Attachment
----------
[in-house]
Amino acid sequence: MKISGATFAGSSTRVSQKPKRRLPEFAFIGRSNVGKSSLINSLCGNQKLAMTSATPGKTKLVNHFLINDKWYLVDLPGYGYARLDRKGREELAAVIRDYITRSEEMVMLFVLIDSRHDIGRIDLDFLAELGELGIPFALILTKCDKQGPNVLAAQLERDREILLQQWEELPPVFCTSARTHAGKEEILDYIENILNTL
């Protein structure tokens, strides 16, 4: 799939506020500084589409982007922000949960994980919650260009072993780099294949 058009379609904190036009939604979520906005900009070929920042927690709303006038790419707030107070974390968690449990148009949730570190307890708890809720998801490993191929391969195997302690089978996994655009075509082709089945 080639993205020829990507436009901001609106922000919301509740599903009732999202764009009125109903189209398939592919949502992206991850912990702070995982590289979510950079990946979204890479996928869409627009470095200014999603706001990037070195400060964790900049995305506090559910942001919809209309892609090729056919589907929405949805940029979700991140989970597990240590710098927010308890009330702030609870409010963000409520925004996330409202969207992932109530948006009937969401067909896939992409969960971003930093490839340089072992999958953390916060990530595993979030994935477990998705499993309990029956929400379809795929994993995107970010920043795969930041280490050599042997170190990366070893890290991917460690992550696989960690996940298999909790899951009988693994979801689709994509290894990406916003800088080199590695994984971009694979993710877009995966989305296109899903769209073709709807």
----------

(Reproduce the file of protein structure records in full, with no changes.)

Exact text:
[in-house]
Amino acid sequence: MKISGATFAGSSTRVSQKPKRRLPEFAFIGRSNVGKSSLINSLCGNQKLAMTSATPGKTKLVNHFLINDKWYLVDLPGYGYARLDRKGREELAAVIRDYITRSEEMVMLFVLIDSRHDIGRIDLDFLAELGELGIPFALILTKCDKQGPNVLAAQLERDREILLQQWEELPPVFCTSARTHAGKEEILDYIENILNTL
């Protein structure tokens, strides 16, 4: 799939506020500084589409982007922000949960994980919650260009072993780099294949 058009379609904190036009939604979520906005900009070929920042927690709303006038790419707030107070974390968690449990148009949730570190307890708890809720998801490993191929391969195997302690089978996994655009075509082709089945 080639993205020829990507436009901001609106922000919301509740599903009732999202764009009125109903189209398939592919949502992206991850912990702070995982590289979510950079990946979204890479996928869409627009470095200014999603706001990037070195400060964790900049995305506090559910942001919809209309892609090729056919589907929405949805940029979700991140989970597990240590710098927010308890009330702030609870409010963000409520925004996330409202969207992932109530948006009937969401067909896939992409969960971003930093490839340089072992999958953390916060990530595993979030994935477990998705499993309990029956929400379809795929994993995107970010920043795969930041280490050599042997170190990366070893890290991917460690992550696989960690996940298999909790899951009988693994979801689709994509290894990406916003800088080199590695994984971009694979993710877009995966989305296109899903769209073709709807």